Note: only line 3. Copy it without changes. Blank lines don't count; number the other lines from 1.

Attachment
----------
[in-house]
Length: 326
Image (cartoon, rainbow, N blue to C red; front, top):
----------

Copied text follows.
Image (cartoon, rainbow, N blue to C red; front, top):